She’s seeing things again. My dear, sweet, Eleanor. I watch her and yearn to reach out my hand and stroke her long, brown hair, to tuck it back behind her ears. The tiny girl turns. She knows I am watching. Such sadness in those glorious eyes. My fingers are edging nearer. I stop. I can’t touch her. I mustn’t. My dear, sweet, Eleanor, only seven years old.
She turns back and sobs, clutching her teddy. Dear teddy, so old and worn from constant hugs and tears trapped beneath the fading fur.
Her sobbing slows. She stops. Her head leans on one side and her fringe falls forward, hiding her face. She flings back her head and the smile twitches at the corner of her mouth. She listens and a light illuminates her. Her eyes dance, alive once more and her thin fingers tap teddy to a tune only she can hear. They’re here. Oh, Eleanor, the fairies have come again.
Her smile slowly spreads as mine vanishes. Her tears have dried and mine replace them. Why, Eleanor? Oh, why?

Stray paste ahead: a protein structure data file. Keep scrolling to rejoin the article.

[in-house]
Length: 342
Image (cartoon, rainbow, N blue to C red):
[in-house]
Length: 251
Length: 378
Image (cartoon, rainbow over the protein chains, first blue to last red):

Her hands reach out and open up as if to catch a ball. She pulls back. She has one in her grasp. Yellow, pink, purple; only she knows the colour of the wings, the hue of the dress, the feel of hair and feet flitting over flesh. She turns to me and holds out her hand. I can’t see them. I can’t see them, Eleanor.
I turn away. I can bear no more. But I have to look back. Eleanor is dancing now, with her arms raised above her head and her eyes glancing gleefully in all directions. They’re everywhere, aren’t they, Eleanor? She won’t look at me now. She doesn’t need me any more, not when they’re here. This is the only time she smiles, the only time she feels anything. Why, Eleanor? What terrible thing made you create such a wondrous world? Is the real word so terrible, so bad?